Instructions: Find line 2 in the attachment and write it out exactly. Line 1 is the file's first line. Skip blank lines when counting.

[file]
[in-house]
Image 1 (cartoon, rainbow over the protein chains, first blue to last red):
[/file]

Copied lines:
Image 1 (cartoon, rainbow over the protein chains, first blue to last red):